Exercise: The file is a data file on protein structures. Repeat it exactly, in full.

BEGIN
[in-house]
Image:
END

[in-house]
Image: